From the December issue of Drovers Cow/Calf.
Beef producers often take a “one size fits all” approach to the cows in the cow herd. This singular approach to how a cow’s genetics affects cow reproduction can have economic ramifications.
It should be obvious that not all cows have the same genetic makeup, which goes on to affect the herd’s overall productivity.
Simply put, genetics drives bodyweight and bodyweight drives the intake of forages and feedstuffs. Data from the National Research Council shows us heavier cows have greater dry-matter intake potential to consume feed; likewise lighter cows consume less. Through dry-matter intake cows consume the required energy, protein, fats, vitamins and minerals required for maintenance and production. The consumption of nutrients drives the ability of cows to effectively reproduce.
So why are differences in dry-matter intake so important for the cow herd? The cow herd’s feed requirements amount to 50 to 75 percent of the annual maintenance costs for the herd.
That 1,000-pound cow
Cow-calf producers who don’t routinely collect bodyweight data on their cow herd often underestimate the actual bodyweight of cows in the herd. It seems a pervasive assessment that most cows weigh, or at least the herd average is, 1,000 pounds. Likely, a more correct assessment of the herd cow bodyweight would reveal a greater proportion of the cow herd with bodyweight greater than 1,000 pounds. The increase in cow bodyweight over the years is likely an effect of cow-calf producers placing greater emphasis on the genetics of calf weaning weight, yearling weight, and the necessary increase in cow milk production required to support desired calf growth performance. The desire for larger calves likely conspires to increase actual cow bodyweight over time. An assessment of cow bodyweight at weaning of three cow herds in Table 1 demonstrates the fallacy of assuming the herd average cow bodyweight is 1,000 pounds.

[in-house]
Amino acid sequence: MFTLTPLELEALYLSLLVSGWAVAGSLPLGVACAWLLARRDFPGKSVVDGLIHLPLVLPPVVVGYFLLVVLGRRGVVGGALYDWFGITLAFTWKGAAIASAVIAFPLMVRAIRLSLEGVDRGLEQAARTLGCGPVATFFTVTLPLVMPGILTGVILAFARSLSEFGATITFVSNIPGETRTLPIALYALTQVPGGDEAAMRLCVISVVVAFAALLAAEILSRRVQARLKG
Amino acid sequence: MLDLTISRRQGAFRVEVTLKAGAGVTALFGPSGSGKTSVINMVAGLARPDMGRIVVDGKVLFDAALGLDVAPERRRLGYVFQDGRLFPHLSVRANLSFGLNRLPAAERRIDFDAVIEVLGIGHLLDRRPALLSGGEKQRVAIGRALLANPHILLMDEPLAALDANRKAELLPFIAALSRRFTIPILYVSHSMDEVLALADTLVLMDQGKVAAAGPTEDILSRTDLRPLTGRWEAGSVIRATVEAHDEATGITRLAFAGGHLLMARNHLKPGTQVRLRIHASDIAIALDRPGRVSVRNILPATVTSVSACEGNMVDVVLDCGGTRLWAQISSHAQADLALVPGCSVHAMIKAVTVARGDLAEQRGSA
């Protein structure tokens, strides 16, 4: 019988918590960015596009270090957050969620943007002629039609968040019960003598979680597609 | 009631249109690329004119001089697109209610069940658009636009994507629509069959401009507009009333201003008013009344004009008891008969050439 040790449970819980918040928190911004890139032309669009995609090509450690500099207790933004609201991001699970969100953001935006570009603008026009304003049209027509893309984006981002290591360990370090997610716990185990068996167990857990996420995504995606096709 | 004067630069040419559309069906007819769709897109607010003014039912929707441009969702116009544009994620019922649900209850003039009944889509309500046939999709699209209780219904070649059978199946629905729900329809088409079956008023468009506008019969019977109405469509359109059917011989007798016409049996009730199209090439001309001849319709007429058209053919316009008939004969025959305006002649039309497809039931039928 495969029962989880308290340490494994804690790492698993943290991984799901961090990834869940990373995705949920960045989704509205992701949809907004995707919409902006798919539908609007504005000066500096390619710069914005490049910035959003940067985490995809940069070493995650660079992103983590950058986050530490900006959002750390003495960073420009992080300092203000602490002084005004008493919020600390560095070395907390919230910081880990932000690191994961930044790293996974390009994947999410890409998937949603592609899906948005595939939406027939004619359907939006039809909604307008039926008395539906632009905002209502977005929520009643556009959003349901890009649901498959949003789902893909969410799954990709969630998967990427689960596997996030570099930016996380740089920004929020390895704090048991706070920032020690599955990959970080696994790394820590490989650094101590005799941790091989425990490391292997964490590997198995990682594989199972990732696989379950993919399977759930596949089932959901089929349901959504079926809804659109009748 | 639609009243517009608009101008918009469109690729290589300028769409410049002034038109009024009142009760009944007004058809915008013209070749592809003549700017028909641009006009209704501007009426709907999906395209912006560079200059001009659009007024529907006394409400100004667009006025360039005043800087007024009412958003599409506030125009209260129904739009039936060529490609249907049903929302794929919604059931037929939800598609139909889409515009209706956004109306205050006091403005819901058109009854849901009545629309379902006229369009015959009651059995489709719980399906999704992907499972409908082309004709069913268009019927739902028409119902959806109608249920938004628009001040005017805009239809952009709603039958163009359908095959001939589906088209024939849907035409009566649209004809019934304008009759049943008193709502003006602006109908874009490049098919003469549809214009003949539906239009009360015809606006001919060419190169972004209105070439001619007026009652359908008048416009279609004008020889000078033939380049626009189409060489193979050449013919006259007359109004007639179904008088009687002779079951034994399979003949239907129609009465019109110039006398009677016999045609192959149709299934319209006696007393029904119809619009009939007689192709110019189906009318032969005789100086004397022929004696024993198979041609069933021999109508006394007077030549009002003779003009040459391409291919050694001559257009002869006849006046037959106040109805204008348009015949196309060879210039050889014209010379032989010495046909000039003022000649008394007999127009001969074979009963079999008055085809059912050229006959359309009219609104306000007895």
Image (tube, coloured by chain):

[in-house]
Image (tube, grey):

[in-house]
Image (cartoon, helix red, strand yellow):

None of the three herds’ average cow bodyweight is 1,000 pounds. One herd’s average cow bodyweight is 1,053 pounds, but the other two herds have average cow bodyweight over 1,200 pounds. Therefore, if total cow herd nutrition decisions were made on the basis of 1,000-pound cows, those decisions would be wrong and would negatively impact cow reproduction.
There are objections associated with a smaller cow. One issue is the potential for lighter weaning weights for the calves produced from lighter body-weight cows. True enough, if weaning weight as a percent of cow bodyweight remains constant between heavy and lighter body-weight cows, the total calf weaning weight can’t be compensated by realistic increases in stocking density (number of cows in the herd). However, in actuality, cow bodyweight and calf weaning weight do not track in parallel.
In examining the data from the three cow herds there is a trend that as cow bodyweight increases the calf weaning weight as a percent of cow bodyweight decreases. This trend was consistent across the three herds even though the herds have different breed composition, sires, sire types and overall breeding programs. The heaviest cows never come close to weaning 50 percent of their bodyweight — which is a general industry bench mark — whereas, the lightest cows wean calves close to or over 50 percent of the cow’s bodyweight.